Bay Area Wind: Brown Skies and late local sea breezes mean…


bayheatwaveairHigh pressure overhead crushing marine layer clouds.

by Mike Godsey, mike AT

I took the banner photography above while flying in a Coast Guard helicopter during a September heat wave day several years ago. Notice the brownish tint to the skies above San Francisco.

In recent  days this September we  have see a this same pattern. And it is a pattern that has become even more common in recent decades. Morning finds a beautiful reddish sunrises that give way to skies with a slight brownish tinge and very weak winds for most of the Bay Area.

Then in the late afternoon a few sites see a fast ramp up of very localized upper teens winds mostly far from shore. And all the while there is nary a trace of our typical summer marine layer clouds.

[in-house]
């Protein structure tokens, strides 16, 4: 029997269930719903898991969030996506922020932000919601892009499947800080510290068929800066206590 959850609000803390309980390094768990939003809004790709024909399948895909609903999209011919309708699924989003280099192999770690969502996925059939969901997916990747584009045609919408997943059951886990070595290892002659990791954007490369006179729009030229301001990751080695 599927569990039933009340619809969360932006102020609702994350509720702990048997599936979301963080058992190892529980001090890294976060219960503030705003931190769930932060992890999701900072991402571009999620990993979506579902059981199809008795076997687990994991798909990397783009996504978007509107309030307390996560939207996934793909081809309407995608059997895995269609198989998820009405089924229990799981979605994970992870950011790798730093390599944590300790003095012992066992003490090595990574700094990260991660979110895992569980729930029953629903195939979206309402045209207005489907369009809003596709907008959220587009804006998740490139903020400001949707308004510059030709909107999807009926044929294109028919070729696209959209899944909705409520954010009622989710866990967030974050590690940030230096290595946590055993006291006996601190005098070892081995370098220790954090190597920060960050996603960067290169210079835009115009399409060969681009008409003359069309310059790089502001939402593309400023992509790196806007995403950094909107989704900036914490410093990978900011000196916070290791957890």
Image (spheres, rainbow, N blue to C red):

This pattern should begin to fade this afternoon and be mostly over by tomorrow Sept. 20.

So what brings on these events?

The animation below of the western USA gives a part of the answer.

We are looking  at the wind patterns at about 10,000 feet. Notice the clockwise flow  over area and how the Bay Area is right on the edge of this flow today at 9AM Sept 19.

Yesterday this high pressure was completely over the west coast.

This upper high pressure zone is an area of descending warm air. And as it descends it compresses causing more surface heating.

So you would expect a heat wave to be impacting the areas below this high pressure zone.

In the next set of images you can see the how hot the valley portions of the western USA are under the upper high bayheatwavemlcrushedpressure.